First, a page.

Background: The mechanisms contributing to hypoxic respiratory failure (HRF) in term infants are multifactorial. Recent evidence suggests a potential pathogenetic role for inflammation. Nitric oxide (NO), a pulmonary vasodilator, is inhibited by inflammatory mediators that are upregulated in the presence of placental inflammation.
Objective: To examine the relationship between histological chorioamnionitis and/or funisitis, serum concentrations of inflammatory mediators and severity of HRF.
Methods: Prospective observational study involving term neonates with HRF and normal controls. Blood samples were taken at birth from mixed cord blood, at 6 h and 30 h for cytokines and CRP, and at 72 h and 96 h for CRP. Placentas were examined for chorioamnionitis. The primary outcome was the administration of inhaled nitric oxide (iNO) therapy. Data were analysed using analysis of variance and χ2 analysis.
Results: 32 neonates with hypoxic respiratory failure and 25 controls were enrolled. 14/32 (44%) neonates with HRF required iNO, 9/32 (28%) required high-frequency ventilation and 3/32 (9%) required ECMO; 2/32 (6%) died. Neonates with HRF had more than threefold higher cord levels of interleukin 8 (IL8) than the controls (p<0.05). At 6 h and 30 h, serum IL6, IL8 and CRP were ⩾2.2-fold higher in neonates who received iNO (p<0.003). 23/32 (72%) infants with HRF had evidence of histological chorioamnionitis and/or funisitis compared with 5/25 (20%) controls (p<0.001).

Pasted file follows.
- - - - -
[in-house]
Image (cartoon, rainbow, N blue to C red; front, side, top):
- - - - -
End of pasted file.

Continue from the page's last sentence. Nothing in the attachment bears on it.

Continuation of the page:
Conclusion: Severe HRF, as defined by the need for iNO, is associated with raised blood levels of proinflammatory mediators and increased occurrence of histological chorioamnionitis and funisitis, suggesting that inflammation contributes to the severity of hypoxic failure.
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Competing interests: None.
Funding: These studies were in part supported by funds from the George L MacGregor Professorship in Pediatrics.
Ethics approval: The institution review board of the University of Texas Southwestern Medical Center at Dallas approved the study
Patient consent: Obtained.
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